Previous studies have shown that women who are overweight or obese are at risk for adverse reproductive outcomes, including infertility, gestational diabetes, and hypertensive disorders of pregnancy. However, information surrounding the risk factors for obesity among Saudi women of reproductive age is deficient due to the limited number of studies that assessed obesity prevalence among them.
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Case Report: Are We Prepared to Manage Acute Abdomen in the Super-Obese Patient?

A 55 year-old man with signs and symptoms of severe sepsis was admitted to the emergency department. He is severely obese with a BMI of 80 Kg/ m2 and a medical history of hypertension and arrhythmia. The abdominal pain was non-specific and the physical examination was impaired by obesity. Ultrasonography (US) was ineffective and no computed tomography (CT) scan was available for a patient of his weight. The acute abdomen presented an inflammatory etiology. The patient underwent laparoscopy and severe cholecystitis was diagnosed and treated. The patient recovered well, and remained for 36h in the intensive care unit and 5 days in the surgical ward.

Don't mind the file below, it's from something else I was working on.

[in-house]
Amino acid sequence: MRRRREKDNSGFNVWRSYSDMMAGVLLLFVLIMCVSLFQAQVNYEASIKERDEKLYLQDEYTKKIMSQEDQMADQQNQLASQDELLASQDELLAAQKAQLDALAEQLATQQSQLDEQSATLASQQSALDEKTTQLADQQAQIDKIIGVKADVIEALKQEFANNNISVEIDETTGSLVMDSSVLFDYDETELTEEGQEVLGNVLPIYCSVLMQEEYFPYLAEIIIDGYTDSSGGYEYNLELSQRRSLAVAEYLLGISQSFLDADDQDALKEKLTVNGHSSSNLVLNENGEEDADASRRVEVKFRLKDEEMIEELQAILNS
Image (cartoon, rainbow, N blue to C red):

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Physical Activity and the Prevalence of General and Abdominal Obesity among Saudi Women of Reproductive Age in Jeddah City

Obesity and physical inactivity are growing problems that are associated with major health problems. However, the current information on the association between obesity and physical activity (PA) in Saudi women of reproductive age is insufficient to design and develop intervention programs. To explore the rates of two types of obesity (general and abdominal obesity) and the level of PA and to evaluate the relationship between obesity risk factors, the use of exercise equipment at home, A cross-sectional study was conducted in 2014 using a stratified two-stage cluster sample. The sampling weight and design effect were incorporated into the analysis. Body mass index (BMI) and waist circumference (WC) data were collected from all participants.and obesity measurements.